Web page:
Thursday, 23 July 2020

Dark Mild Ale (part four)

I'm still on the hunt for early references to Dark Mild. It's thrown up some interesting stuff.

Like this notice of an auction. It seems to be the stock of some sort of clothes shop. But why the hell would a clothes shop have a football two barrels of Mild in stock?

The more I look at the list of items, the more it resembles my annual silly Drinkalongathon list. Especially as it includes string.

Under execution from the Hanley and Stoke-upon-Trent County Court.
MR. CHARLES ONIONS, Court Broker, will SELL BY PUBLlC AUCTlON, on TUESDAY, 29th NOVEMBER, 1921, at the above address, the Whole of the STOCK IN TRADE, &c., comprising;- One hundred and thirty ladies' Tweed skirts, 2 ladies' coats, 1 lady’s costume, gents.' boots, caps, Tweed hats, hard felt hats, 1/2-doz. collars, quantity of spoons and prongs, doz. balls of string, clothes and hair brushes, 8 boxes of cigarettes, 1 football, two 36 gallons of Younger's dark mild beer, 1 small gas heater, quantity of shelving, &c., &c. The above is all new stock.
Sale at 11 30 a.m. prompt.
Cash on fall of the hammer."
Staffordshire Sentinel - Friday 25 November 1921, page 4.

I'm particularly surprised that the Dark Mild was Younger's - I'm assuming William Younger - as it was never much of a thing in Scotland. Most Scottish brewers abandoned Mild Ale in WW I and instead just brewed Pale Ales of several different strengths.

William Younger was a bit of an exception as they continued to brew Mild up to WW II and beyond. I assume because they had considerable trade in England, where Mild was by far the most popular type of beer. But they didn't brew Dark Mild in the 1920s. They did brew two different strengths of Mild, but both, as brewed were pale. The grists being simply pale malt and grits.

Scottish brewers loved colouring up their beer with caramel at racking time. Which is what I assume Younger did.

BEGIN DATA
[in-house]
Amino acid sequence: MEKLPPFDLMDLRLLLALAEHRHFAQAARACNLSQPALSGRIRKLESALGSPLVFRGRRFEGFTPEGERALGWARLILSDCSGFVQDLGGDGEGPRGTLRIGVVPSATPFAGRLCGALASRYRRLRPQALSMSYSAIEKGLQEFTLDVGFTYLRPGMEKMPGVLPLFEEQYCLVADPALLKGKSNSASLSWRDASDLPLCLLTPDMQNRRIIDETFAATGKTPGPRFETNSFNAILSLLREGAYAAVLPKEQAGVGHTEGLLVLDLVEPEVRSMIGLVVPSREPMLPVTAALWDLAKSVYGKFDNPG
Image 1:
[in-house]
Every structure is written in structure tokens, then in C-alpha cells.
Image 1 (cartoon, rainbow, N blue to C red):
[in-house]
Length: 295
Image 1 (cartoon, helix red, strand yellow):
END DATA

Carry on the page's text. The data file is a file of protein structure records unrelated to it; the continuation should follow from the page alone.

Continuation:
These were their two Milds in 1921:

William Younger Mild Ales in 1921
Beer Style OG FG ABV App. Atten-uation lbs hops/ qtr hops lb/brl
XX Mild 1035.3 1009.6 3.39 72.73% 4.55 0.57
XXX Mild 1041.9 1011.4 4.03 72.73% 4.55 0.65
William Younger brewing record held at the Scottish Brewing Archive, document number WY/6/1/2/63.


PHILBERT said...

Hi Ron, In all your research have you seen any evidence of the use of oats in the grist of early stouts and darker beers particularly in Scotland where you'd of thought they would be widely available and a cheap form of fermentable sugars?

Ron Pattinson said...


earliest mention I have of oats in Stout is from Maclay around 1900.

I'm not sure of the legality of using oats before 1880. I suppose if they were malted it would have been OK. But I've seen no mention of oats in brewing records before Maclay invented Oat Malt Stout.

I do have some early William Younger records which use malt made from byg.

qq said...

Ron, don't forget this is the Potteries, where they've always liked their dark beers so I imagine they did "specials" for deliveries there, with extra caramel.

Granville Place became Healey Place in the big renaming of streets in the Potteries post-WWII, and from what I can work out, it was where the Lloyds Chemists now is at the top of Trentham Rd in Longton.